Since the PC industry relies heavily on import of IT components (hard drive, memory, display amongst others) for product manufacturing, the price of the finished good is hugely impacted by the currency movement.
Depreciation of the Indian currency against the dollar has significantly pushed up input costs for PC-makers over the last few months, resulting in PC manufacturers hiking prices.
It has also been sort of a double whammy for computer hardware manufacturers as hard disk prices also went up last month.
Many hard disk manufacturers raised their prices, following the shortage created due to the floods in Thailand.
Using sophisticated new methods of statistical analysis to study patterns of extreme rainfall in India, a handful of members of the National Science Foundation’s (NSF) Expeditions in Computing Program have created a research tool that has already resolved an ongoing debate in the science community and may go on to revolutionize the study of climate change.
Scheduled for official publication in February of next year, the journal Nature Climate Change pre-published the critical paper online on Dec. 19 conducted by engineer and computer-science expert Vipin Kumar of the University of Minnesota and his co-author Auroop Ganguly of the civil and environmental engineering department at Northeastern University in Boston and the Oak Ridge National Laboratory. Using new so-called ‘data-driven methods’, the two NSF members and their team have identified significant geographic variability in India‘s climate over the course of the last 50 years.
A larger –than life portrait of a foreigner greets those entering Kuchanur, a nondescript village on the Theni- Cumbum highway. The painting on a community stage in the village yard is of Colonel John Pennycuick, a British engineer, who successfully completed the task of building Mullaperiyar dam.
The portrait sit next to that of Goddess Amman, indicating the position Pennycuick enjoys in the minds of the people here. Villagers say they also have a Pennycuick Peravai (forum). “It was formed about 10 years ago. During trans plantation of crop from nursery to fields and again during harvest we of fer prayers to Pennycuick. During Pongal too offecings and poojas are performed to Pennycuick,” says R Subbraj, foundermember of the peravai.
“ Many villages like Markeyanpatti, Ammapatti and Palayam have such a peravai,” says Subburaj. Palayam was the fist in the region to start it 30 years ago. Each peravai has about a dozen members who organize the prayers. During temple festivals, the members make it a point to pass on the story of Pennycuick to other villagers and children.
While many have portraits of the British engineer, some also have busts of Pennycuick. “we are making efforts to install his statue in our village.” Officials who hail from our village have assured to help us for the project,” says S Ramesh, a youth from Kuchanur Pennycuick has clearly become part of folkore and even children are named after him in villages across Theni district.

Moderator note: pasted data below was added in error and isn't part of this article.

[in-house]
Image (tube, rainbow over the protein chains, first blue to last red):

Be it attracting talent or finding new markets, thousands of small and medium-scale businesses (SMBs) have started using information technology tools, and several IT companies now offer them products and services.
For instance, Google India has launched ‘India Get Your Business Online.’ It is aimed at helping five lakh SMBs go online in three years. Tata Consultancy Services (TCS) has rolled out iON, an integrated IT solution for SMBs, and Microsoft India has a range of products and applications for this sector.
IT penetration among SMBs is at different levels. Those at the entry level have the basic hardware and software, while those at the utility level use these in their everyday business activities. SMBs that go for enhanced IT usage are those that use it as a process tool. Interestingly, several small and medium-scale enterprises (SMEs) in the manufacturing sector are rapidly converting their static websites into data-base oriented and interactive ones and those in the B-to-C segment are using social networking sites, says Rajveer Singh, managing director of Apex Cluster Development Services.
Small-scale businesses in the B-to-B segment could also use these sites to generate leads, says Yashraj Vakil, COO, Red Digital.
Rajiv Sodhi, director-SMB, Microsoft India, says SMEs are in two main categories — those in the mid-market segment, and the very small entities. IT use differs between these two. The top 50,000 units use IT for better business processes like cost management. They use it as a growth driver. The second category mainly uses personal computers to automate and manage information. An entrepreneur will need web presence, communication tools, and social networking. Adoption of IT among these units is set to increase.
While SMBs in the consulting, financial and IT services use the networking sites effectively, those in manufacturing have a specific market and are mostly part of a supply chain. Even they have started using online tools to attract new talent and get consultancy.